The “Glen” was launched via catapult from a I-25 class Japanese submarine.

Johnson was sweeping the horizon but could see nothing, he went back to his duties as a forestry agent which was searching for any signs of a forest fire. The morning moved on. Every few minutes he would scan low, medium and high but nothing caught his eye.
The small Japanese float plane had climbed to several thousand feet of altitude for better visibility and to get above the coastal fog. The pilot had calculated land fall in a few minutes and right on schedule he could see the breakers flashing white as they hit the
Oregon shores.

Johnson was about to put his binoculars down when something flashed in the sun just above the fog bank. It was unusual because in the past all air traffic had been flying up and down, parallel to the coast, not aiming into the coast.

The pilot of the aircraft checked his course and alerted his observer to be on the lookout for a fire tower which was on the edge of the wooded area where they were supposed to drop their bombs. These airplanes carried very little fuel and all flights were in and out without any loitering. The plane reached the shore line and the pilot made a course correction 20 degrees to the north. The huge trees were easy to spot and certainly easy to hit with the bombs. The fog was very wispy by this time.

Warrant Officer Fujita is shown with his 
Yokosuka E14Y (Glen) float plane prior to his flight.

Johnson watched in awe as the small floatplane with a red meat ball on the wings flew overhead, the plane was not a bomber and there was no way that it could have flown across the Pacific, Johnson could not understand what was happening. He locked onto the plane and followed it as it headed inland.

The pilot activated the release locks so that when he could pickled the bombs they would release. His instructions were simple, fly at 500 feet, drop the bombs into the trees and circle once to see if they had started any fires and then head back to the submarine.

Johnson could see the two bombs under the wing of the plane and knew that they would be dropped. He grabbed his communications radio and called the Forest Fire Headquarters informing them of what he was watching unfold.

The bombs tumbled from the small seaplane and impacted the forest, the pilot circled once and spotted fire around the impact point. He executed an 180 degree turn and headed back to the submarine. There was no air activity, the skies were clear. The small float plane lined up with the surfaced submarine and landed gently on the ocean, then taxied to the sub. A long boom swung out from the stern. His crewman caught the cable and hooked it into the pickup attached to the roll over cage between the cockpits. The plane was swung onto the deck, The plane’s crew folded the wings and tail, pushed it into its hangar and secured the water tight doors. The I-25 submerged and headed back to Japan .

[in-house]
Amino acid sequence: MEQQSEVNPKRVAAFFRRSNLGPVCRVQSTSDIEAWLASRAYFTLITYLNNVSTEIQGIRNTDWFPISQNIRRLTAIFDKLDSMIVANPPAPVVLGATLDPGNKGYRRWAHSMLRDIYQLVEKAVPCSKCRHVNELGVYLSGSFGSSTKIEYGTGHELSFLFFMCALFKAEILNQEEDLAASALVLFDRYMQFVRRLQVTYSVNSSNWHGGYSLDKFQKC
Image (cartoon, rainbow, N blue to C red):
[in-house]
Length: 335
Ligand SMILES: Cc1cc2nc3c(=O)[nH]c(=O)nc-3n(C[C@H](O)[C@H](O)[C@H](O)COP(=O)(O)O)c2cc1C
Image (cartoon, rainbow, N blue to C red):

This event ,which caused no damage, marked the only time during World War II that an enemy plane had dropped bombs on the United States mainland. What the Japanese didn’t count on was coastal fog, mist and heavy doses of rain that made the forests so wet they simply would not catch fire.

This Memorial Plaque is located in Brookings , Oregon at the site of the 1942 bombing

Fifty years later the Japanese pilot, who survived the war, would return to Oregon to help dedicate a historical plaque at the exact spot where his two bombs had impacted. The elderly pilot then donated his ceremonial sword as a gesture of peace and closure of the bombing of Oregon in 1942.


He who joyfully marches to music in rank and file has already earned my contempt. He has been given a large brain by mistake, since for him the spinal cord would fully suffice. This disgrace to civilization should be done away with at once. Heroism at command, senseless brutality, and all the loathsome nonsense that goes by the name of patriotism, how violently I hate all this, how despicable and ignoble war is; I would rather be torn to shreds than be part of so base an action! It is my conviction that killing under the cloak of war is nothing but an act of murder."

(Albert Einstein)

Either man is obsolete or war is. War is the ultimate tool of politics. Political leaders look out only for their own side. Politicians are always realistically maneuvering for the next election. They are obsolete as fundamental problem-solvers.

R. Buckminster Fuller